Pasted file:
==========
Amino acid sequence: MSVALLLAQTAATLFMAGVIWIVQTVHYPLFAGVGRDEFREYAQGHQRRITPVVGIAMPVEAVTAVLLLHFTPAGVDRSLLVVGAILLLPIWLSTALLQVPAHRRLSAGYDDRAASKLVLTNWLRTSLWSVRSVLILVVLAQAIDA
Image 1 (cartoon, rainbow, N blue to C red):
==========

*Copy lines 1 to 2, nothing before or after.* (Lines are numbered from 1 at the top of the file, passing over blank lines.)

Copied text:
Amino acid sequence: MSVALLLAQTAATLFMAGVIWIVQTVHYPLFAGVGRDEFREYAQGHQRRITPVVGIAMPVEAVTAVLLLHFTPAGVDRSLLVVGAILLLPIWLSTALLQVPAHRRLSAGYDDRAASKLVLTNWLRTSLWSVRSVLILVVLAQAIDA
Image 1 (cartoon, rainbow, N blue to C red):